The world's first wiki where authorship really matters (Nature Genetics, 2008). Due credit and reputation for authors. Imagine a global collaborative knowledge base for original thoughts. Search thousands of articles and collaborate with scientists around the globe.

wikigene or wiki gene protein drug chemical gene disease author authorship tracking collaborative publishing evolutionary knowledge reputation system wiki2.0 global collaboration genes proteins drugs chemicals diseases compound
Hoffmann, R. A wiki for the life sciences where authorship matters. Nature Genetics (2008)

Subchronic exposure to low concentrations of di-n-butyl phthalate disrupts spermatogenesis in Xenopus laevis frogs.

Due to its widespread use and production, di-n-butyl phthalate ( DBP) has become an environmental contaminant. It has been detected in a variety of environmental strata worldwide, including air, water, and soil. Also, monobutyl phthalate, the major metabolite of DBP, has been detected in a variety of human matrices. As a proven endocrine disruptive compound, DBP may contribute to global amphibian declines at much lower concentrations than tested thus far. We evaluated the effects of low concentrations of DBP on spermatogenesis in Xenopus laevis, the African clawed frog. Xenopus tadpoles were exposed to 0, 0.1, 0.5, 1.0, 5.0, or 10.0 ppm DBP, beginning at sexual differentiation (Nieuwkoop and Faber stage 52; 3 weeks of age) and continuing until 100% of controls metamorphosed (stage 66; 8 weeks of age). Upon necropsy at 33 weeks, 4-6% of DBP-treated frogs had only one testis, and 2-4% had retained oviducts. In all DBP treatment groups, seminiferous tubule diameter and the average number of germ cell nests per tubule were lower, and the number of tubules with no germ cells was significantly higher (p < 0.05). The percent of secondary spermatogonial cell nests significantly decreased (p < 0.05) in 1.0, 5.0, and 10.0 ppm groups. Several lesions occurred in DBP-exposed testes including denudation of germ cells, vacuolization of Sertoli cell cytoplasm, thickening of lamina propria of seminiferous tubules, and focal lymphocytic infiltration. Entire sections of testes containing almost exclusively mature spermatozoa were found in 1.0, 5.0, and 10.0 ppm DBP-exposed testes, indicating impairment of spermiation. Testicular hypoplasia and seminiferous tubular dysgenesis were also evident in DBP-treated frogs. Thus, subchronic exposure to low concentrations of DBP impairs spermatogenesis in Xenopus laevis frogs.[1]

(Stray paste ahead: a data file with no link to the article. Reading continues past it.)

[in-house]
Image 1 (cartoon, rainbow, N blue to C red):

WikiGenes - Universities